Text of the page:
After the iteration over values was done, it was quick work to write tests for concatenation and make sure that it was working correctly. Then the time thereafter was some cleanup and moving stuff out to their own files.
The work this week to implement
take_left, which is essentially taking one side of the RRBT and discarding the other side. In order to do this, I ended up writing another iterator, this time over the internal nodes. It ended up being a little odd since I needed to traverse the height of the trie and push them onto a stack when the iterator is created. Then when
next() is called, it just pops the nodes off of the stack.
This seems a little weird because all the work is being done upfront when the iterator is created, which kinda defeats the purpose of an iterator, where the work is spread out with each call to
next(). However, I figured:
- The height of the trie is constrained to about 7 levels in practice for a 32-bit key. So doing the work upfront on iterator creation doesn't seem too bad.
- And if I wrote the internal node walker recursively, I'd just be storing the node path on the call stack instead of in an actual stack in the iterator.
The reason why this weird iterator exists is that:
- And in every operation, you need to start at the root, because that's the only thing you have reference to at the start of every operation.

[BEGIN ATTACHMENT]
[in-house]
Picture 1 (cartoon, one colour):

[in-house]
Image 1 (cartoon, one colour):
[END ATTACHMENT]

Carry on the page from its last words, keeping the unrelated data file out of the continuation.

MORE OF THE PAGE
- It's a lot easier to build tries without having to fight the borrow checker if the trie is built from the bottom up. Every child is actually an
Rc<>to a node, so mutating it is out of the question.
- However, there are no references to the parent at each node, so once you find a leaf node, you can't follow parent references back up to the top. The only way to trace a path bottom up is if you remembered the path on the way down.
Time will tell if this is a bad idea. But headway was made. With
insert_at was fairly easy to write, as promised. There's a last weird bug with it that remains to investigate, but hopefully, it won't blow everything else up for this next week.
Took to tweeting more this week, and thought the following threads had the beginnings of a thought.